3. The electric crowd, composed of new nomads who haunt the metaphysical world, cannot have distant goals or directions or objectives ("being" is trumping "becoming").

The recent student protests in Montreal seem to bear this out. A culture without a clearly defied telos has only the assertion of vaguely defined rights — a culture of desperate entitlement. What T.S. Eliot wrote in "Tradition and Individual Talent" concerning literature seems to me applicable to education and culture as a whole here. We need to be aware of what has come before us and where we are going if we wish to hold or contribute to the direction of our "becoming". It's also hard to have goals or direction when there are virtually unlimited choices. Does the Internet play into the formation of this mentality?


4. People without physical bodies use participational imagery to generate the emotion and aesthetics of being — the only reality left after leaving the physical world behind.

Have you ever noticed that a lot of people today — the young in particular — poise as if they were actors in a movie, not just imitating them, but acting as if cameras were filming at them at all times? The importance of self-image has been exaggerated beyond reason. There's a documentary film called “The Ad and the Ego” which makes use of a great quote from Umberto Eco: “A democratic civilization will save itself only if it makes the language of the image into a stimulus for critical reflection — not an invitation for hypnosis” — rather keen, is it not?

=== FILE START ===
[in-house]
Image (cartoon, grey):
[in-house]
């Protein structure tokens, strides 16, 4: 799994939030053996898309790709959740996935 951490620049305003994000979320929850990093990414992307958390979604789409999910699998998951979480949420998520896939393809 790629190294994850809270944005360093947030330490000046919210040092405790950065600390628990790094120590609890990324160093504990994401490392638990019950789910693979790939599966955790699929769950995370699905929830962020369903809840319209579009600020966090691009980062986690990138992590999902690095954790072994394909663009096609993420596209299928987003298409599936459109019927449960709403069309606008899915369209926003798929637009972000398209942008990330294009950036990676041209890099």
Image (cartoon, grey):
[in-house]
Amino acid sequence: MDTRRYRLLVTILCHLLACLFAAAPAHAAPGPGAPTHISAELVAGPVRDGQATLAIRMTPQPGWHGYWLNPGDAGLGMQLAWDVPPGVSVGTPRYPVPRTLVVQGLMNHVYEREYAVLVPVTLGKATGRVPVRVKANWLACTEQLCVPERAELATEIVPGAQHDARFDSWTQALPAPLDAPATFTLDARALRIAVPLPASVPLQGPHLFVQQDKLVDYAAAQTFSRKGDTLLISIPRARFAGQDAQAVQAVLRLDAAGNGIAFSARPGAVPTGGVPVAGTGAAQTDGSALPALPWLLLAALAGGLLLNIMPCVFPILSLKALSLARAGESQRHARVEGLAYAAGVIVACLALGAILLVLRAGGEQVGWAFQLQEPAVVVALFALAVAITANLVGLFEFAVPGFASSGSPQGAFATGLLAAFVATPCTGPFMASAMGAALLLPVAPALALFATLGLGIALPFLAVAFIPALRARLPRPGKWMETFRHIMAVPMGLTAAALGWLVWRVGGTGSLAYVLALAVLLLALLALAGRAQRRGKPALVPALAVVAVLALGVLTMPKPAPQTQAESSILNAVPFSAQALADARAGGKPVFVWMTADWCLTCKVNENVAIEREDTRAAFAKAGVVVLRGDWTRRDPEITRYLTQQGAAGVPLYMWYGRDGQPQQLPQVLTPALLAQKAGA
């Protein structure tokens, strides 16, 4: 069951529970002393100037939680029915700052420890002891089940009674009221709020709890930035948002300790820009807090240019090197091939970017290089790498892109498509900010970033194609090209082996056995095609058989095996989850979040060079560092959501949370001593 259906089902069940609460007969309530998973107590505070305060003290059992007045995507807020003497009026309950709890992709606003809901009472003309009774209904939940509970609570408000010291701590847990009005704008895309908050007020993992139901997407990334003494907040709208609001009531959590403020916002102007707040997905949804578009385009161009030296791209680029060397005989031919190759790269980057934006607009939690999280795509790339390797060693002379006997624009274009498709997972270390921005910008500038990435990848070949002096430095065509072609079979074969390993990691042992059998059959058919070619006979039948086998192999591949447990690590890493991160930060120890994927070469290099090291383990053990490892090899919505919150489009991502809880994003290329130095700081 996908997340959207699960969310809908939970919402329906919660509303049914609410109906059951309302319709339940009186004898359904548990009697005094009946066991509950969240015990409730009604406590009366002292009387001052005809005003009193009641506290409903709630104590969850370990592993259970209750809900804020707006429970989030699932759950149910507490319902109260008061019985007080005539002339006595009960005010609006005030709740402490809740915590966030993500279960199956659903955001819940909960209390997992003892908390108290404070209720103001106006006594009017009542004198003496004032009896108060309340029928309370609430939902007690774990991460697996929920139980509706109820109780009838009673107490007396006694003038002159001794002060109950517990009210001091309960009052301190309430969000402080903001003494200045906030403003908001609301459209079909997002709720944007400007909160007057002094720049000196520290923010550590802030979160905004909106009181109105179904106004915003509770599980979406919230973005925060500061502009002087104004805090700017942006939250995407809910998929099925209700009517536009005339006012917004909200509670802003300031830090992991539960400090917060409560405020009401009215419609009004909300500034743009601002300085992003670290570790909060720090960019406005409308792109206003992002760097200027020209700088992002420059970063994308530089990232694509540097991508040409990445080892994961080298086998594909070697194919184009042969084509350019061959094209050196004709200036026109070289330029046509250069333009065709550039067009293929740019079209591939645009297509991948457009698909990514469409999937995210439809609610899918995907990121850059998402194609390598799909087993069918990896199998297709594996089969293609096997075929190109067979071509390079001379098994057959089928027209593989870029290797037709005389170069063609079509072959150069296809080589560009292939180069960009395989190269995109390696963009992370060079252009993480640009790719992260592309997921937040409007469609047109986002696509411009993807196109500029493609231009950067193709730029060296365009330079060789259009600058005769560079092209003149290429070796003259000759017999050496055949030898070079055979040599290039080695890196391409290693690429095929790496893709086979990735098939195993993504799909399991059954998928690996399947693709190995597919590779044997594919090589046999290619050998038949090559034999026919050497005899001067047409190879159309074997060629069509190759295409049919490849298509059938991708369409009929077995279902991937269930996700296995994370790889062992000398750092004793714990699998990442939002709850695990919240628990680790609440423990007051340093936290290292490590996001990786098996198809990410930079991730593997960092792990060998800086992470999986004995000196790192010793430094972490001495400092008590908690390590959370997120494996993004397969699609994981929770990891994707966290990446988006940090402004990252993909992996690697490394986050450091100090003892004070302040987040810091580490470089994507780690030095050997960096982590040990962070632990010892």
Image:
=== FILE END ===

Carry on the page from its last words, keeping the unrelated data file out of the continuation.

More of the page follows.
5. The quality of image adjusts the degree of participation. A "good" image allows a lot of participation in depth by a big, diverse mass. For this, it must be virtually devoid of content...

The aesthetic of these circumstances derives from manipulations of being. Each new medium brings with it a new mode of group being, a new WE... Each new medium collects older ones as "features" even as it becomes included in others as a feature — a process that will continue until all have become features of each other. Their future is features. Gadgetry. Narcissism for the self-less.


This seems to echo in part two classic points from Marshall: 1) electronic media will restore "tribal man," and 2) that each new medium contains its predecessor(s).